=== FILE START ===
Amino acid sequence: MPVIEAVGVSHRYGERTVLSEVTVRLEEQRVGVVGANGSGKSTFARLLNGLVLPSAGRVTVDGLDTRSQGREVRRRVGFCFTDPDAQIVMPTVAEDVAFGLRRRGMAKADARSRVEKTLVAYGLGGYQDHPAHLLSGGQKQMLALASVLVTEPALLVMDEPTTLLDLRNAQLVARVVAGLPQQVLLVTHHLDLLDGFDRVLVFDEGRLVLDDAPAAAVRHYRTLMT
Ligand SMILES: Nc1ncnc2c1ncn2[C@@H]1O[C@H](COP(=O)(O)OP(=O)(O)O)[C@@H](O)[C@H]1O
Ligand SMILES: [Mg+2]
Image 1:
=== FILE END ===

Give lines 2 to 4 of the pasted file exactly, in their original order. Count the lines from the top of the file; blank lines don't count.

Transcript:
Ligand SMILES: Nc1ncnc2c1ncn2[C@@H]1O[C@H](COP(=O)(O)OP(=O)(O)O)[C@@H](O)[C@H]1O
Ligand SMILES: [Mg+2]
Image 1: